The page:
William Langland's poem stands at the centre of the study of ideological conflict, social change and religious ideas in the later fourteenth century. It is a poem that vividly encapsulates the great issues and debates of the day and acts as a commentary on cataclysmic events such as the Peasants' Revolt (1381), the condemnation of Wyclif's ideas (1382) and the rise of Lollardy. It is also one of the greatest poems of the English Middle Ages, worth reading beside Dante and Chaucer.The poem has provoked a sophisticated and wide-ranging critical literature. It needs to be read in an edition by an expert conceived with the student-reader in mind. Of the A, B and C versions of the text of Piers Plowman, only a student-geared edition of the B-text exists and that edition is now becoming dated. The C-text, which supersedes B in terms of Langland's poetic career, is also a more complete and carefully structured poem. It needs to be available in an equally readerly edition; this is such an edition. For his new edition of the C-text of Piers Plowman, Derek Pearsall has completely revised the text, added side glosses for the benefit of student readers of the poem (though without sacrificing the glossary), and revised and updated the explanatory notes. The Introduction has also been expanded, revised and reshaped to take account of this. Since the new edition involves a significant reworking of the previous edition and justifies library copy replacement, a hardback library edition will be available for a limited period.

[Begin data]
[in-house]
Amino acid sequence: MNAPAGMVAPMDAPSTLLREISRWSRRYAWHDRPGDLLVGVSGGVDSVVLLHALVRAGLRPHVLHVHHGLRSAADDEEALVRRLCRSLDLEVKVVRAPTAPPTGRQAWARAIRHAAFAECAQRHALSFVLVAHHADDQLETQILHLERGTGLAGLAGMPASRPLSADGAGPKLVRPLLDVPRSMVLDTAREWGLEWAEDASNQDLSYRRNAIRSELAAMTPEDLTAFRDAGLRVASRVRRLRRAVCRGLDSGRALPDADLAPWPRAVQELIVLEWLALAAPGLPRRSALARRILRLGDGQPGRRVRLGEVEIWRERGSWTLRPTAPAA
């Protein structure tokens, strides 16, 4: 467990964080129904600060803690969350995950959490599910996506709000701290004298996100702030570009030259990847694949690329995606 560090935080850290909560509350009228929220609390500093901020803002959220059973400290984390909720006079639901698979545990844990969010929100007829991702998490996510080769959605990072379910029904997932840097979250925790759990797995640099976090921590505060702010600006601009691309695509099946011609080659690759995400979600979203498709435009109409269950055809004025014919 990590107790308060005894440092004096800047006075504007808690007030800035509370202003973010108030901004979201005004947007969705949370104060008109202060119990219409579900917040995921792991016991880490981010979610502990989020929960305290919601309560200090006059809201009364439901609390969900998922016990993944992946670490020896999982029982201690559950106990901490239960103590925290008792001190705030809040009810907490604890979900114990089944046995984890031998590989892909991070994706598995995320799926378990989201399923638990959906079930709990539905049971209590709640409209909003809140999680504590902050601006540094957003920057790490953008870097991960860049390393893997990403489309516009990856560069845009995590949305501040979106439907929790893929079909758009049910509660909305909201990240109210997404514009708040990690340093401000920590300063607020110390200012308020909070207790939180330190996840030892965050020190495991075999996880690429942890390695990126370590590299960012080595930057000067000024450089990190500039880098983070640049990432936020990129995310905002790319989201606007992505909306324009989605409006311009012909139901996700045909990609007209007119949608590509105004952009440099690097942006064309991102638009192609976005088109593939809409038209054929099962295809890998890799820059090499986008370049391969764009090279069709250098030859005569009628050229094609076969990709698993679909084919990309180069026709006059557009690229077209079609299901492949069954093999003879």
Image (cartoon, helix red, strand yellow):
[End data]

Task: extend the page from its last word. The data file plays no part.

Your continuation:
Literature-Fiction, Poetry, British,